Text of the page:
A Community Celebrates the Life of a Hero

In a small southern town, crowds of humbled neighbors came together and lined the streets of their community as if waiting for a parade to pass by. Patriotic pride radiated from flags fixed to the back of trucks, flown half-mast from flagpoles and waved in the hands of onlookers. Hats were tilted and salutes executed in honor as a black hearse solemnly drove by.

Gasden, Ala. came together as a community on March 15 to pay tribute to the life of Ola Lee Mize: a husband, father, granddad, friend, Army Veteran and Medal of Honor Recipient. The life of Mize was remembered with a funeral procession and service including full military honors and a traditional missing man flyover.  

With an accomplished life behind him, it is no surprise scores of admirers turned out to pay respect to the Army veteran. His unique story of 31 years in the military will live on as an inspiration for men and women throughout the country.

From the start, Mize’s story was an uphill battle full of adversity, but the outcome of his hard work and persistence was a true depiction of the American dream. As a sophomore in high school, the young southerner dropped out to work at a grocery store and help his financially troubled family pay bills. Mize dreamed of joining the Army as a better way of supporting his family. When he first tried to enlist, the future hero was denied because was too small; he weighed only 120 pounds. On his second attempt, he faced an even greater challenge. Mize was blind in one eye from a childhood accident and had to cheat on the vision exam. At the time, he did not know that his determination and fighting spirit would be the driving force that turned him from a boy to an American war hero and symbol of service and sacrifice.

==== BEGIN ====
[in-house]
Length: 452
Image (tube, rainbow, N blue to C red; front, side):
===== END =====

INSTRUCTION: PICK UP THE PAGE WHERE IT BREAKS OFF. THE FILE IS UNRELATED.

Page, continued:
Mize was deployed during the Korean War and on June 10, 1953, the Sergeant was defending a strategic hill between American and Communist lines near Surang-ni South Korea. Mize, a member of Company K, 15th Infantry Regiment, 3rd Infantry Division, consistently put others before himself. At one point he learned of an injured comrade, so he quickly found a medic and journeyed to rescue him without considering his own safety.

Soon after rescuing his fellow soldier, he came across an invaded American machine-gun nest. Without hesitation, he put himself in harms way again. The position he was in allowed him to kill 10 enemy troops. While fighting, artillery and grenades struck him on three occasions, but he didn’t stop and courageously continued in combat.

When the battle wound down, Mize strategically grabbed the remaining soldiers and used ammo to fake a larger size of the remaining American troops. The soldiers he gathered fearlessly regrouped for a counterattack and forced the enemy to leave. At the end of the battle, Mize killed 65 enemy soldiers. He was one of only eight Americans to survive the vicious attack.

For his actions in South Korea, the Alabama native was awarded the Medal of Honor, which he initially refused. In September 1954 he accepted the distinguished award, bestowed by President Dwight D. Eisenhower. Mize later joined the Special Forces where he gained a commission and served three tours of duty in Vietnam. In 1981, Mize retired from his multi-decade military career as a full colonel and continued to work as a motivational speaker and consultant. He died on March 5 at the age of 82, but his admirable spirit lives on through the storied history of the Medal of Honor.


"Community Turns out to Honor Medal of Honor Recipient Ola Lee Mize (photos, Video)." AL.com. N.p., n.d. Web. 18 Mar. 2014.

Martin, Douglas. "Ola L. Mize, Honored for Heroics in Korean War, Dies at 82." The New York Times. The New York Times, 16 Mar. 2014. Web. 18 Mar. 2014.